13 April 2013
Leading writers back campaign against theatre funding cuts
Over 60 of the UK's best-known writers and other theatrical professionals – including Sir Tom Stoppard, Michael Frayn, Caryl Churchill, Mike Leigh, Sir Richard Eyre and Vicky Featherstone – have signed an open letter to Culture Minister Ed Vaizey, urging him to take seriously a recent report into the threat to new British playwriting posed by the Government's latest round of spending cuts.
The independent report, In Battalions, researched and written by playwright and Writers' Guild member Fin Kennedy, with support from Oxford University's Helen Campbell Pickford, drew on data from surveys sent to theatres across the country. The results showed venues having to cancel productions, produce fewer new plays, commission fewer writers, and cancel a whole host of creative research and development – from attachment programmes, to open access workshops, to new writer development schemes, to unsolicited script reading.
As well as cuts closing down entry points to the profession, the report also identified a creeping culture of risk-aversion around new work, as financial instability takes hold.
Theatre professionals contributing to the report voiced serious concerns about the diminishing opportunities for today's young playwrights to develop their talents and stressed the importance of theatre as the training ground for the TV, radio and film industries. All stand to lose a generation of talent, with writers from less privileged backgrounds particularly badly hit.
The report was sent to Ed Vaizey's office on 12 February 2013 but its authors have yet to receive a response.
The open letter to Mr Vaizey expresses disappointment with the Minister's public remarks, in particular a recent speech in which he said that to suggest there is any sort of crisis in the arts is 'rubbish' and 'scaremongering'.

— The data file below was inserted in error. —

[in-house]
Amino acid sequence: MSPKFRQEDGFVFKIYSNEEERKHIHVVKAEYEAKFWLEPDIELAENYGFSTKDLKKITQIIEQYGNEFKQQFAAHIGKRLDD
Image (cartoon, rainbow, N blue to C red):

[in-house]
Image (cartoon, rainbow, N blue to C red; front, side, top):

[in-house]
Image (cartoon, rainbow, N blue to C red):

The letter reads: 'We believe the findings of In Battalions are to be taken seriously. They are representative of a wider trend within our industry. If the next generation of playwrights are not properly supported, this could seriously affect output in a few years’ time, and new plays are vital to the future health of British theatre – not to mention a driver of growth in the economy.'
Fin Kennedy, the report's author said: 'Ed Vaizey and the DCMS have had my report now for two months. That's as long as my researcher and I took to research and write it. We took the project on in our own time in good faith, and in response to comments made to me by Mr Vaizey himself, that Arts Council cuts were having "no effect". He offered to look over any evidence to the contrary, and even to raise it with the Arts Council if I could show there was a problem. I believe we have showed there's a problem, but Mr Vaizey seems unwilling to accept the evidence we have sent him. In an email to one concerned young writer he said: "There is no evidence of any impact on new writing." Anyone who's read my report will see that that's demonstrably untrue. We're still really keen to engage with Mr Vaizey about our ideas for how to fix this problem - he's our Culture Minister after all - but we really do need him to take this issue seriously and to engage with us, as he promised he would.'
The open letter calls on Mr Vaizey to undertake his own research, ending: 'If [your] response is still that there is "no evidence” then we would ask that you provide evidence of your own, which backs up your position as thoroughly as the In Battalions authors have backed up theirs.'